Aaron Rodgers has been one of the most efficient quarterbacks in recent years, but in 2014, he took that efficiency to a new level.
In route to winning MVP, Rodgers threw just five interceptions to 38 touchdowns and 520 passes. Over the last two seasons, he has just 11 interceptions with 55 touchdowns on 810 passes.
As Peter King notes in MMQB, Rodgers and the Packers are meticulous in studying their interceptions and learning how to avoid them.
While each play is unique, Rodgers told King that the Packers drill in three basic rules before making a throw. It’s enlightening to see how much thinking must go into every play in the mere seconds Rodgers has the ball in his hands after the snap.
Rodgers described the three rules as “senses,” saying:
“One: No premeditated decisions.
“Two: Don’t make a blind throw. And that was a blind throw, meaning I didn’t look inside to see where the next coverage element was — that will get you sometimes. It got me against Conte.
“Three: Don’t throw it late down the middle.”
No. 1 is obvious — don’t make up your mind before you throw it — and No. 3 refers to getting the ball out early if you want to throw it over the middle (Although he could be referring to passes late in a game. The point was never clarified).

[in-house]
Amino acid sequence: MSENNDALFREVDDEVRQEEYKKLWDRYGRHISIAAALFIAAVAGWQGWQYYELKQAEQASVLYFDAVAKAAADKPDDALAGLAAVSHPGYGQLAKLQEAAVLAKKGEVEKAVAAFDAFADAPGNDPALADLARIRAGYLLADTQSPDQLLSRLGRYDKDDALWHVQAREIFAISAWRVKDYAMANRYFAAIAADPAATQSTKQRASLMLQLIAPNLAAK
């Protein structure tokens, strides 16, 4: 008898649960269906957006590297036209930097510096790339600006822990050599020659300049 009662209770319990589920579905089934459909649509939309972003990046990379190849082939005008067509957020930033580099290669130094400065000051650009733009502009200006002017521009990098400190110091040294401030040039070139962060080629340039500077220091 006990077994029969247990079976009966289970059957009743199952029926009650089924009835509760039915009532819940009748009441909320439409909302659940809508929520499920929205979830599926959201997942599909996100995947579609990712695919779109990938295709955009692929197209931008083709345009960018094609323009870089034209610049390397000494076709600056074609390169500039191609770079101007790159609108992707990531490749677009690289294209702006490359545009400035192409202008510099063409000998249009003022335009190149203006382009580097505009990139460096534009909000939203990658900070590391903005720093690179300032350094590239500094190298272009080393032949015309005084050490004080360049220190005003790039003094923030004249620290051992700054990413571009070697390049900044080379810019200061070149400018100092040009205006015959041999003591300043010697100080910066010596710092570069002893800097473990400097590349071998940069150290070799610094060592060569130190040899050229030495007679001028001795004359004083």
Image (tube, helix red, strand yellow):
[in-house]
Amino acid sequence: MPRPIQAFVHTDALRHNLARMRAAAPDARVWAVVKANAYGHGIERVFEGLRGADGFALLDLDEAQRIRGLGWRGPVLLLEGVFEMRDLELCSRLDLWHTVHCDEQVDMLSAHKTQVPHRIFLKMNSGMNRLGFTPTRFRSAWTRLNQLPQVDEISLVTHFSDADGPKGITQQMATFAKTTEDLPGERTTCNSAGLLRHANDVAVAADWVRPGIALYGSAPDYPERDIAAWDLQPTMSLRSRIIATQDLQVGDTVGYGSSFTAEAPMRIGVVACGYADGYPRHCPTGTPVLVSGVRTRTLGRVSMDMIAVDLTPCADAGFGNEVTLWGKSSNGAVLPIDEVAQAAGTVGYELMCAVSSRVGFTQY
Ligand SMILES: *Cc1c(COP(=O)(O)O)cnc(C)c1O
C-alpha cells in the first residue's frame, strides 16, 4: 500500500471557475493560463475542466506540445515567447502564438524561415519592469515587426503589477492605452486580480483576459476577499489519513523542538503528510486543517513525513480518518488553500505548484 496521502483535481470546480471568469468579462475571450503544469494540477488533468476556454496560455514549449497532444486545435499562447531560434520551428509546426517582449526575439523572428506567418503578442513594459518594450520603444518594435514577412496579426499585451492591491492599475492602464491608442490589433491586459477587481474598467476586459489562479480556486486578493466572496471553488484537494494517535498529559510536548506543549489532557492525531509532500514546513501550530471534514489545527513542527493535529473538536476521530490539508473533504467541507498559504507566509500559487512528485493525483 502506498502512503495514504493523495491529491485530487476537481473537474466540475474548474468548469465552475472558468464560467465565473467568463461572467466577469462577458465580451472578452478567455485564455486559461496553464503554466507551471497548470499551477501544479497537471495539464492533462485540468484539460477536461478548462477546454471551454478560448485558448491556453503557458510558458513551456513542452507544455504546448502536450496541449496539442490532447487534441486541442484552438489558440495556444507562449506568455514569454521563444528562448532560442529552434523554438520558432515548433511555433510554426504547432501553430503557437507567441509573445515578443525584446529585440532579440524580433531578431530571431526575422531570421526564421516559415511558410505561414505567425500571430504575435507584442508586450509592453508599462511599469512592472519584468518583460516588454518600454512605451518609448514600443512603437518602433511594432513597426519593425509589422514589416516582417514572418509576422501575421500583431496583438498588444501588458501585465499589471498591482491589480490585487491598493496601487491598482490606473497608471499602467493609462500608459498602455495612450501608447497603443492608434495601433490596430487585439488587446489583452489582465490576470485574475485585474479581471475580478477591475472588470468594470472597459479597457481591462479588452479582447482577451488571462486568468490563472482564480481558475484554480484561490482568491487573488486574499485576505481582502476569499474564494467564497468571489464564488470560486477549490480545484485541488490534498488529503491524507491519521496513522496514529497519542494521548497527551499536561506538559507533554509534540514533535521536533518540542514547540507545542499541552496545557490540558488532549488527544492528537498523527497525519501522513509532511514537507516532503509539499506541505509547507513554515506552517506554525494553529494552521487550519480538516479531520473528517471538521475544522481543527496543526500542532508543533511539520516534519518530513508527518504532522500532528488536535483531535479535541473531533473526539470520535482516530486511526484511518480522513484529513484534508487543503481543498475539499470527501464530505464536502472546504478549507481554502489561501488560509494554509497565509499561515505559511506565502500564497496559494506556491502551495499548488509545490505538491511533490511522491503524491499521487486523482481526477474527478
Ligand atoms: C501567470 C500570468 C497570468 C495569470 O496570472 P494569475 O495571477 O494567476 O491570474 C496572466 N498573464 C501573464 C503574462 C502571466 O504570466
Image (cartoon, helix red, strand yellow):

No. 2 is interesting, as Rodgers broke down a play in 2013 when he was intercepted by the Bears’ Chris Conte in the red zone. Rodgers said that as he rolled out of the pocket and targeted wide receiver Jarrett Boykin, he never considered another Packers’ tenet of throwing: outside-inside-outside (O-I-O).
“A lot of times, we get outside the pocket and we say, you need to O-I-O, which means you look outside, then you look inside and then you come back outside,” Rodgers explained. “You check to make sure no one is falling off on the guy you want to throw to, but also double check to see if there is anybody inside who is a better option to throw to.”
When he failed to do so, saying he only looked outside, it led to an interception.
So, while the rules seem pretty basic, they’re nonetheless important. The Packers, of course, have more complex ways of analysing throws and interceptions — former NFL quarterback Rich Gannon told King the Packers review interceptions like a “crime scene investigation — but these basic elements have given them the base for one of the most efficient offenses in the NFL.
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